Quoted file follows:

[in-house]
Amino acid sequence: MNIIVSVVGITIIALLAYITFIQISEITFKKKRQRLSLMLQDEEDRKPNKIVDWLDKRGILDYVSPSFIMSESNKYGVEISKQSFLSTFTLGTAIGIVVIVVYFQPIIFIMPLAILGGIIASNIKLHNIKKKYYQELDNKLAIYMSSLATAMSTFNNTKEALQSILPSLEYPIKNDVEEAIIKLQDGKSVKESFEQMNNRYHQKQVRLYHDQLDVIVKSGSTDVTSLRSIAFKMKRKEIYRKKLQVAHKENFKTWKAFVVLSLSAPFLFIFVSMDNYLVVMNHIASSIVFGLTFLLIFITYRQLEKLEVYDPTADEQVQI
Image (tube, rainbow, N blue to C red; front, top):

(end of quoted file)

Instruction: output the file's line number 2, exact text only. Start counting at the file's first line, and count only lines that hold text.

Amino acid sequence: MNIIVSVVGITIIALLAYITFIQISEITFKKKRQRLSLMLQDEEDRKPNKIVDWLDKRGILDYVSPSFIMSESNKYGVEISKQSFLSTFTLGTAIGIVVIVVYFQPIIFIMPLAILGGIIASNIKLHNIKKKYYQELDNKLAIYMSSLATAMSTFNNTKEALQSILPSLEYPIKNDVEEAIIKLQDGKSVKESFEQMNNRYHQKQVRLYHDQLDVIVKSGSTDVTSLRSIAFKMKRKEIYRKKLQVAHKENFKTWKAFVVLSLSAPFLFIFVSMDNYLVVMNHIASSIVFGLTFLLIFITYRQLEKLEVYDPTADEQVQI